Tea  Gamtkitsulashvili

Tea Gamtkitsulashvili

PhD candidate in Economic Geography

Department of Geography and Environment

Connect with me

English, Georgian, German, Russian
Key Expertise
Inequality, Economic development, Foreign direct investments, Innovation

About me

I study the role of social networks in productivity and knowledge spillovers, as well as firms' location decisions and the geography of Foreign Direct Investments (FDI). I seek to shed light on the underlying mechanisms through which these networks affect firms' abilities to adapt and grow amidst uncertain economic conditions and heightened competitive pressures.

Through leveraging novel data and mapping individuals’ interpersonal connections, my research endeavours to causally identify potential mechanisms through which these networks perpetuate productivity divergence between firms and intensify economic inequalities.

Before starting my PhD, I was working at the Office of the Chief Economist at the European Bank for Reconstruction and Development for three years.

I hold an MPhil in Economics from the University of Cambridge and a BSc in Financial Economics from the University of St Andrews.

Working papers

Killing Two Birds with One Stone: Sound Investment with Social Impact, joint with Alexander Plekhanov and Alexander Stepanov. Read paper.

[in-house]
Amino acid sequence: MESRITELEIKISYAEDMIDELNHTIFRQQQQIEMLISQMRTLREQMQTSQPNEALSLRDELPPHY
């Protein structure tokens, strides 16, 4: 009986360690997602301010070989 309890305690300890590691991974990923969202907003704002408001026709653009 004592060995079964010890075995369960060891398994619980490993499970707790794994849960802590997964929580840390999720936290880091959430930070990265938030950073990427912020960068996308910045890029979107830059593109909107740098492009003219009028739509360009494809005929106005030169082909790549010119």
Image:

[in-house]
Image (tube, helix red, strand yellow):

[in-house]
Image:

Gamtkitsulashvili, T., & Plekhanov, A. (2023). Mobility and economic activity around the world during the Covid-19 crisis. Applied Economics Letters. Read paper.

Policy reports

How Big is the State?, joint with Megginson W., Monioudis N., Plekhanov A., Chapter 1, Transition Report, 2020-21. Read report

ESG objectives of state-owned and private firms: evidence from project proposals submitted to the EBRD, joint with Plekhanov A. and Jain G., Chapter 2 Box, Transition Report, 2020-21. Read report

The Governance Dividend, joint with Fisman R., Guriev S., Ioramashvili C., Plekhanov A., Chapter 1, Transition Report, 2019-20. Read report


Prof Riccardo Crescenzi
Prof Andrés Rodríguez-Pose

Expertise Details

Foreign direct investment; Brexit and economic uncertainty; Productivity spillovers; Firm heterogeneity and inequality; Social networks